Leaving a steady job can be scary, but sometimes it’s the only way to move forward to bigger and better things in your life.

Featured Image By: Pixabay

Mostly Bloodless Medical Jobs For The Squeamish

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Mostly Bloodless Medical Jobs For The Squeamish

A lot of people fancy a career in the medical sector. But when they sit down and really think about what it involves – cutting people open and having their guts spew out – suddenly it doesn’t seem so appealing. But the good news, is that not everybody in healthcare is ripping open chest cavities and reattaching severed limbs. In fact, there are plenty of positions which don’t involve any blood at all.

Don’t let your squeamishness put you off from getting a job in this sector. Here are some of the jobs that are open to you at all levels and qualifications, minimal blood included:

Respiratory Therapist: One of the best ways to become valuable as a healthcare worker is to drill down and focus on a single area of expertise. Respiratory therapists do just that, focusing on helping people who have trouble breathing and doing tests to get to the bottom of their condition. The good thing about becoming a respiratory therapist is that there is comparatively little blood involved. You will have to insert tubes into patients’ windpipes, but if you can get over that hurdle, you’re almost home and dry.

Like other jobs in healthcare, experts believe that the demand for respiratory therapists will remain strong over the next five years, at least. Respiratory therapists are likely to be in high demand thanks to the increasing prevalence of lung-related disorders, such as asthma and COPD. Salaries are competitive. For just a couple of year’s training to get an associate degree, a trained respiratory therapist can take home $60,000 per year.

Nutritionist: Chronic diseases and obesity are currently the major cause of disability in Western countries like the US. Yes, people need heroic medicine if they break their leg, and they need antibiotics when they get an infection, but the vast majority of illness is the result of diet and lifestyle. Your job as a nutritionist is to help people modify their diets, change their habits and chip away at the underlying causes of their illnesses.

A cool thing about being a nutritionist is that by working closely enough with patients, you can help them not only manage their chronic diseases but reverse them, too. The medical literature is full of studies in which people with conditions like heart disease, angina, and diabetes get better, all by shifting their diets to healthier options.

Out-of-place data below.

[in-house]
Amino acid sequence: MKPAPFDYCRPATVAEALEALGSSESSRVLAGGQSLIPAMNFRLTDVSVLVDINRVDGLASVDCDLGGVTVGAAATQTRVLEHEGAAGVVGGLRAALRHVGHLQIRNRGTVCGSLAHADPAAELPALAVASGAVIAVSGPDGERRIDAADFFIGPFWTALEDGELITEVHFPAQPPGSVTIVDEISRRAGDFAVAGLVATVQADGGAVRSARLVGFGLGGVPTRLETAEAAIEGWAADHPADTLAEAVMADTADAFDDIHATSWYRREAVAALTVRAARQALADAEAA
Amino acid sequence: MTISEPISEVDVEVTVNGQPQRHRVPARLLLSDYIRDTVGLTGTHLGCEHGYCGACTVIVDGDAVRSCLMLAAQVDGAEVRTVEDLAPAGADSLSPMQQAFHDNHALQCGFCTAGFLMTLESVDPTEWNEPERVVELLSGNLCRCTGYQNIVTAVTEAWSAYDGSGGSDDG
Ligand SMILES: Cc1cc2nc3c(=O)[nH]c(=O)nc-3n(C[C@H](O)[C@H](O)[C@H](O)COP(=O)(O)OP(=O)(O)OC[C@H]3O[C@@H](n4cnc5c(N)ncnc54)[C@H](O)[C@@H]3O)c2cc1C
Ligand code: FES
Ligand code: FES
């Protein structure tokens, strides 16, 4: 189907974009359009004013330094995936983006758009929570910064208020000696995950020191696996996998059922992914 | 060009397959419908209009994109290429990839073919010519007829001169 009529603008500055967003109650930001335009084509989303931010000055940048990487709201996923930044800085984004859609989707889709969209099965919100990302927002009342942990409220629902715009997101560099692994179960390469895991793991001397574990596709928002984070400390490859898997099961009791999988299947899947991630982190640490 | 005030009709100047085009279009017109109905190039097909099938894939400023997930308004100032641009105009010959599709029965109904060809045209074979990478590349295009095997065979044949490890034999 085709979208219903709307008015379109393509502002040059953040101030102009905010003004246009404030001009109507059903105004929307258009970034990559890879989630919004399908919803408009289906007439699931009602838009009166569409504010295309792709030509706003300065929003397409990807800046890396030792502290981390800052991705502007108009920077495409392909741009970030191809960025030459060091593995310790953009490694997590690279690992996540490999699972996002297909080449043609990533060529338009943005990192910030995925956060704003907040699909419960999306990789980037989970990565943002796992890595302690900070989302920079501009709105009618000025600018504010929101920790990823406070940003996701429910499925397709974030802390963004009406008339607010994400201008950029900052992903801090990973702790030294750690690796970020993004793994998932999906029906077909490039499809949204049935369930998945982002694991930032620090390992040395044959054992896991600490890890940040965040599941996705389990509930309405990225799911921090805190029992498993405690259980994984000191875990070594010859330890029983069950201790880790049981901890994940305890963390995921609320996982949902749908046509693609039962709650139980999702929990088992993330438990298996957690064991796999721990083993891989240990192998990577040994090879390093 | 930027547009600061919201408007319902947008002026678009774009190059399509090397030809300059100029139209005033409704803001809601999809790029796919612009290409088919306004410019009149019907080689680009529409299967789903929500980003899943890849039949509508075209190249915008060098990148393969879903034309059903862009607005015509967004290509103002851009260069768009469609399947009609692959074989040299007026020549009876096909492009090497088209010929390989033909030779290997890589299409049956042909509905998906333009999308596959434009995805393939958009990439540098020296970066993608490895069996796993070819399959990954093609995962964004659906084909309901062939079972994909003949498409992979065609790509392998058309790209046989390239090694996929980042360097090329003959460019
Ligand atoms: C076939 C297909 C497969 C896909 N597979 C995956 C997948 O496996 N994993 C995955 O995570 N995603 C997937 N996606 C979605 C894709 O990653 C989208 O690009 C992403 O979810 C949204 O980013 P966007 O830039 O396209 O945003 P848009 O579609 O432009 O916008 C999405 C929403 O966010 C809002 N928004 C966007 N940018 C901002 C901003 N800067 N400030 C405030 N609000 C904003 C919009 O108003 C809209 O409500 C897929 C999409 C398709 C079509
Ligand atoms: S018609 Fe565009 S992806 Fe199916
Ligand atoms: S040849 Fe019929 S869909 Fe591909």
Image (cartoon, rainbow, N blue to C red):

The obesity crisis isn’t going anywhere, and so dietitians are likely to remain on the front lines for a long time to come, helping to motivate people to choose healthier behaviors and options. Pay averages around $57,000 per year, though it’s possible to make more by getting high profile private clients, selling books, and blogging.

Radiologist: Radiologists are doctors with relatively few actual contact hours with patients. They spend most of their time reading up on the latest diagnostic technology and finding out how to best deliver it to their patients. Radiology is currently an exciting field: scanning technologies are progressing at an exponential rate and before long, radiologists will be able to view every cell in the body at sub-micron resolutions, allowing them to pinpoint the exact source of a person’s illness.

As a radiologist, you’re also liable to work with technology in the future, specifically artificial intelligence, perhaps the single most important advance in the medical sector for decades. With the help of AI, radiologists seek and identify diseases in their patients and offer treatment options. According to http://www.wikiprofessional.org/index.php?title=Radiologist_Salary the average salary for a radiologist is $130,000 per year. However, the top 10 percent earn more than $187,000.

Radiation Therapist: The job of a radiation therapist is to administer cancer treatment to patients. Their purpose is to not only operate the equipment itself but explain to patients their treatment options. According to https://www.liverpool.ac.uk/medical-imaging-and-radiotherapy/, you need an accredited degree or postgraduate program to become a radiation therapist. You’ll need all of the training that you can get to adequately monitor the progress of the patient during treatment.

Radiotherapy is expected to increase as the population ages. Currently, around 39 percent of Americans get cancer at some point in their lives. This is projected to rise to 50 percent over the next twenty years. Thus, unless technology changes, the number of radiation therapy jobs is expected to boom by more than 25 percent until 2022. That’s pushing wages up, too. A radiation therapist can earn more than $83,000 per year. What’s more, there’s no blood involved.

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Does the sight of blood make you cringe? Do you still want a job in the medical field? Then, some of the above job options might be for you!

Featured Image By: Wikimedia Commons